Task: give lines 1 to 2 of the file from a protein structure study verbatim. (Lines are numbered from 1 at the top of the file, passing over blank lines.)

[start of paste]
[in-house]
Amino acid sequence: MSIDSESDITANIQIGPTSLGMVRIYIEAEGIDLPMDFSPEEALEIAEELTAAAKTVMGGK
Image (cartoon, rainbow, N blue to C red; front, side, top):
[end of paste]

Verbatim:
[in-house]
Amino acid sequence: MSIDSESDITANIQIGPTSLGMVRIYIEAEGIDLPMDFSPEEALEIAEELTAAAKTVMGGK